Yesterday in Shanghai, the outgoing U.S. Ambassador to China, Jon Hunstman–who also happens to be a potential 2012 Republican presidential candidate–made news by criticizing the Chinese government’s human rights record in a kind of valedictory speech. His remarks called attention to something I hadn’t been aware of: an unusually harsh crackdown underway there against political and human rights activists, which the New Yorker‘s Beijing-based Evan Osnos calls “the Big Chill, an ongoing sweep of Chinese writers, activists, lawyers, and others, which constitutes the most intense crackdown on expression in years.”
Here’s the key passage from Huntsman’s remarks:
It should come as no surprise, for example, that the United States will continue to champion respect for universal human rights, which is a fundamental extension of the American experience and a bedrock of our world view.
Long after I depart Beijing, future Ambassadors will continue to visit American citizens like Dr. Feng Xue, who was wrongfully convicted of stealing state secrets and is now serving an eight-year sentence in prison far from his family in the United States. They will continue to speak up in defense of social activists, like Liu Xiaobo, Chen Guangcheng and now Ai Weiwei, who challenge the Chinese government to serve the public in all cases and at all times.
The United States will never stop supporting human rights because we believe in the fundamental struggle for human dignity and justice wherever it may occur. We do so not because we oppose China but, on the contrary, because we value our relationship. President Hu and Premier Wen have both acknowledged the universality of human rights. By speaking out candidly, we hope eventually to narrow and bridge this critical gap and move our relationship forward.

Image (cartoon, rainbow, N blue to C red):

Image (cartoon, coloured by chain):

It wasn’t exactly blistering stuff. But context is important. The U.S. typically airs its criticisms of the Chinese government in private. James Fallows, another China expert just back from the country, found the comments surprising:
His statement was unexpected, in that ambassadors usually avoid “meddling” in host-country affairs this way, especially with one foot out the door; and it was heartening, because what has been happening in China over the past six weeks is the most unsettling step backward there in a very long time. More on the crackdown itself soon. It’s too bad, again, that Huntsman muddied the end of his ambassadorship with possible presidential-campaign positioning, because in this latest statement he should be seen as speaking for the whole American nation and not any partisan subset.
News coverage from Asia-centric beat reporters suggests that Huntsman may in fact have been acting in concert with an Obama State Department, which has been complaining more openly of late about Beijing’s crackdown. So perhaps there’s no partisan or selfish agenda at work here. However, it is worth bearing in mind how large China has come to loom in the American voter’s mind. (That was one of the key takeaways from Joe’s road trip across the country last fall.) Beijing is sure to be something of a villain in the 2012 campaign, and particularly in the Republican primaries. So whether by design or not, it’s surely useful for Huntsman to leave his post with a record of having stood up to Beijing’s Communist oppressors.
His departure comes later this month, after which Huntsman, restricted from overt politicking while in his post, will be free to pursue openly any designs he has to challenge the president he now serves. No doubt the fact that he is speaking at a New Hampshire college’s commencement next month is purely coincidental.